By Glenn Giangrande
When Jonathan Sanchez no-hit the Padres on Friday, a couple of former Yankees were smiling along with him.
Well, at least one was. I’m not so sure about Randy Johnson.
The Big Unit’s tenure in pinstripes is not remembered too fondly despite 34 wins over two years. I’d actually guess that Johnson frowns at the mere mention of New York, but you have to think he had at least a laugh or two while watching Sanchez celebrate. The 26-year-old left-hander threw the Giants’ first no-hitter since 1976 while making a spot start in place of the future Hall-of-Fame lefty. When Johnson was forced onto the disabled list with a strained left shoulder on July 8, Sanchez was the one who got the call to work in his place.
Dave Righetti made sure he was ready.
In his 10th season as the Giants’ pitching coach, Righetti has made a name for himself as one of the top tutors in baseball. A couple more years and people will know him as much for his work in San Francisco as they do for his unforgettable no-hitter as a Yankee on July 4, 1983, when he made the Red Sox a footnote to history. Sanchez had been dropped from the Giants’ starting rotation in late June, and Righetti went to work with him. The adjustments bore fruit. Only an eighth-inning error by Juan Uribe prevented Sanchez from achieving total perfection, though we can’t assume Sanchez would have stayed perfect even if Uribe did indeed make that play.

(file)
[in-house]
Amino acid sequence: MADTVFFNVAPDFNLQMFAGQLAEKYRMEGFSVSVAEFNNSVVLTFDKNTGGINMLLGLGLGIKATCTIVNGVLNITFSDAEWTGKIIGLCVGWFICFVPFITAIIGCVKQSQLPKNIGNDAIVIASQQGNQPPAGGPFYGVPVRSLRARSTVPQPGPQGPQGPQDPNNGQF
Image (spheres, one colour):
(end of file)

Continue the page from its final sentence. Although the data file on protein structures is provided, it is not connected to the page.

Still, Sanchez gave the fans at AT&T Park a night to remember with help from a couple of ex-Yankees. One accidentally opened the door, the other showed him the path, and the youngster walked into history.